Folly Farm's Conservation Officer, discusses how sustainability is integrated into the core of this popular visitor attraction.
Business News Wales spoke with Jack Gradidge, Conservation Officer at Folly Farm, about the steps and measures in place, to sit sustainability at the heart of everything they do at this popular visitor attraction in Pembrokeshire.
The Folly Farm Adventure Park and Zoo (also known as Folly Farm), situated to the north of Saundersfoot and Tenby in Pembrokeshire, is a visitor attraction in Wales with around 500,000 visitors each year. Initially a farm attraction, the park is now also home to an indoor vintage funfair, a zoo with over 200 different species of animal and extensive indoor and outdoor adventure play areas.
People, animals and environment are an integral and fundamental part of Folly Farm. The visitor attraction in West Wales recognises that they need to sustainably balance environmental, social and economic factors in equal harmony to interact with our planet responsibly.
They are invested in ensuring that they are able to meet present day needs whilst also looking to the future and meeting the needs of future generations. Throughout the business they feel strongly that the time to act is now, and they are continually implementing sustainability initiatives and reviewing the way they do things.
Folly Farm General Sustainability initiatives Include:
- Awarded the Green Key accreditation for several years in a row. The Green Keycertificate is the leading standard for excellence in the field of environmental responsibility and sustainable operation within the tourism industry.
- Established ‘Green Team’, which is a staff led team to create and enhance procedures that improve the sustainability of Folly Farm. The team meets regularly and is always looking at ways to improve our offering to ensure sustainable practice wherever possible.
- A conservation officer was recently employed to manage and enhance sustainability and wildlife conservation on our site, as well as working with conservation organisations both nationally and internationally.
- They grow willow trees on a 15 acre site which ultimately provides home grown food for some of the zoo and farm animals. It’s also habitat for various native species and helps to absorb carbon. The leftover woodchip is used as animal bedding or garden mulch.
- The manure from livestock is composted and used as natural fertilizer.
- They recently joined the Pembrokeshire Nature Partnership which aims to co-ordinate, promote and record existing and new actions to conserve, promote and enhance nature in the county of Pembrokeshire. Over the next 5 years they aim to re-nature large areas of farmland to create an important hub for local wildlife. Hedgerows, woodland, meadows, and wetland will be managed to encourage priority species of wildlife.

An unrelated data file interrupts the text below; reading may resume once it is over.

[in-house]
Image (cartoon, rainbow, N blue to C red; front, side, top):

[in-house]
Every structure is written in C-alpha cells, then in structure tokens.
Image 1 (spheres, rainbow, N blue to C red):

- Around the zoo, wildflower gardens have been planted to encourage native wildlife.
- They have joined the Welsh Government/Woodland Trust ‘My Tree Our Forest’ initiative. This is a Welsh Government scheme in the fight against climate change – they have committed to donating a tree to every household in Wales – completely free of charge. We are one of 52 distribution hubs for households to be able to collect their sapling. (https://www.woodlandtrust.org.uk/plant-trees/wales-tree-giveaway)
- Animal exhibits also show commitment to sustainability. Thier penguin enclosure, for example, highlights the issue of sea pollution and encourages guests to shop sustainably when purchasing fish products.
- They have installed water refill stations around the park to allow guests to fill up their own water bottles and reuse/reduce/recycle (https://www.refill.org.uk/).
- On-site boreholes provide most of the parks water supply.
- Waste is sorted for recycling. They also take part in more specific recycling initiatives such as Nappi Cycle that recycles sanitary and nappy products, printer toner recycling, glass recycling and scrap metal.
- They encourage staff to fix broken tools or products before ordering new. A dedicated maintenance department is also utilised to fix durable goods.
- Sustainability is part of new staff induction procedures, for example they encourage staff to avoid printing wherever possible and have recently invested in a digital record software system to drastically reduce paper consumption.
- They have removed paper map hand-outs to guest and replaced with permanent map signage on park.
- They recently replaced plastic straws to paper straws and cutlery to wooden alternatives.
- A discount on hot drinks is offered to guests who bring their own reusable coffee mugs with them to the park to reduce our takeaway cup usage.
- They invested £250,000 in a solar panel system on the roof of the fairground to generate thier own electricity.
- Energy efficient hand driers have been installed throughout the toilet blocks which eliminated the use of paper towels.
- 10,000 lightbulbs in the vintage fairground were replaced with LED energy efficient versions saving 70% of the energy previously required.
- In 2017 they invested £600,000 in a biomass boiler system that heats the majority of the park, including the gift shop, office, catering outlets, the fair and some of the animal enclosures. It also provides hot water to all toilet blocks and catering facilities. The system runs from 100% renewable woodchip and saves 700 tonnes of carbon emissions annually.
- A second biomass boiler was installed at their new holiday park in 2021 to heat and supply water to the outlets, facilities and lodges.
- In 2021 they replaced our petrol go-karts with 18 fully electric go-karts with the help of Welsh Government’s Economic Resilience Fund Phase 3.